MATHIAS CORMANN: No. I do not think it is any secret that we will continue to work hard to persuade Pauline Hanson and others of the importance of a lower, globally more competitive business tax rate for all businesses across Australia, because we want to attract more investment, to generate stronger growth, create more jobs and to secure higher wages over time.
KIERAN GILBERT: So no other wink and a nod that something will be delivered?
MATHIAS CORMANN:No. There is no secret deal. That is just another Bill Shorten, Labor desperate conspiracy theory.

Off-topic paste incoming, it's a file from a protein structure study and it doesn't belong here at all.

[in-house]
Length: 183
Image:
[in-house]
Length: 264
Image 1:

KIERAN GILBERT: But you will bring it back after the winter break? Still hopeful?
MATHIAS CORMANN: This is very important economic reform for working families across Australia. We want to ensure that working families across Australia have the best possible opportunity to get ahead, so we need to ensure that the businesses that employ them can be competitive, viable and profitable into the future. So yes, we will continue to do what is right. We will continue to work very hard to secure the passage of this important reform through the Parliament.
KIERAN GILBERT: Finance Minister, as always, appreciate your time.
MATHIAS CORMANN: Always good to talk to you.